• Thursday, February 29, 2024
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BusinessDay

Cheap is king as Chinese smartphone vendors crack Africa’s price point

UK bans smartphones in schools

More Nigerians may be sliding into poverty as the economic hardship worsens but smartphone manufacturers such as Transsion and Xiaomi are spotting opportunities to serve a mass market.

The two manufacturers account for 85 percent of the smartphone shipments into Nigeria in the third quarter of 2023, data from Canalys has shown.

Transsion is the manufacturer behind popular smartphone brands such as Tecno, Infinix, and itel. For many years, the company has held the largest market share in Africa where it sells most of its products through homegrown Chinese strategies that competitors such as Samsung and Apple are yet to master on the continent. Canalys said Transsion shipped 22.7 million units, translating to 22 percent annual growth.

While Transsion may not be dominating the markets in Europe and North America, its strategic focus on Africa has meant that it outsells competitors such as Samsung and Xiaomi on the continent with a market share of 48 percent, according to Canalysis. The company also dominates the accessories market with the Oraimo brand with a 21 percent share of the wearable market.

Read also: How to overcome smartphone addiction

“Distribution and support were how Transsion won in Africa, plus the multi-brand strategy is brilliant. I had the same strategy once for fintech, some people I was working with then from Egypt were vehemently against it. Their single brand is now history,” said Osaretin Victor Asemota, growth partner at AnD Ventures.

For Asemota, having multiple brands allows the company to avoid perception problems whereas one brand is like putting all the eggs in one basket.

Xiaomi’s 19 percent share putting it second in the market ahead of Samsung, is even more significant, considering that it only expanded its presence in Nigeria recently, unlike Samsung which has been in the market much longer.

Xiaomi entered the Nigerian market with the launch of Redmi Note 7 on 24 April 2019. The company’s major selling points were the battery’s longevity and the affordability of devices that could compete in the premium range. Experts suggest Xiaomi also understands the Nigerian market much better. But it could be that Xiaomi is borrowing the playbook of Transsion to expand in Nigeria.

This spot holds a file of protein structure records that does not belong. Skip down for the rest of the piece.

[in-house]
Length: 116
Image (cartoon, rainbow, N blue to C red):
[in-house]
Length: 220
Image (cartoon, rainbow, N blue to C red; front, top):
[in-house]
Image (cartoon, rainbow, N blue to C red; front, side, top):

“They knew the job that the Nigerian consumer needed to be done and they did it simpler, cheaper, and better. Two things to crack a market? Understand the target’s behaviour, how they deal with being underserved, and close the gaps.

But Samsung was in the second position as of the second quarter of 2023, according to data from IDC. Transsion, as usual, accounted for the largest share of smartphone shipments across Africa in Q2 2023, with the region contributing most to the Transsion’s entry into the top worldwide vendors for the first time. Samsung ranked second in Africa, while Xiaomi came in third.

Read also: Over 74% of small firms use smartphones for business – Report

“Looking ahead, the African smartphone market is expected to recover further in 2024, however, it is worth noting that shipments will still not surpass the level of strong performance seen in 2021,” said Ramazan Yaviz, a senior research manager at IDC. “The hardships and challenges posed by an influx of affordable outlook continue to affect the region, preventing a faster recovery. In the long term, an influx of affordable models across all brands and faster turnover from feature phones to smartphones will drive growth in the market.”

“Know what your true competition is and develop core competence to react flexibly. Xiaomi will dominate the market if they play their cards right, especially with a resurgent Huawei,” said Hunter Henshaw, an X user.

Nevertheless, some experts highlight China’s strategy for mobile which gave them the advantage over other countries in the mobile manufacturing business. Chinese companies understand these strategies and are deploying them in mobile-hungry Africa. For one, Chinese consumers did not follow the pattern of the West in going from physical shops to PCs to laptops to smartphones. They just went straight to the smartphone and didn’t bother whether they visited a website or not. Chinese mobile companies simply built smartphones that enabled their consumers in China to do everything they wanted to do on them without needing to go to other platforms. They did it affordably too.

Chinese manufacturers are also growing due to a lower labour cost producing in the most populous country in the world afford them. A cheaper labour cost means they can afford to reduce the price of their devices compared to competitors like Samsung.

A BusinessDay market research found Transsion’s devices among the cheapest in markets across Lagos, Nigeria.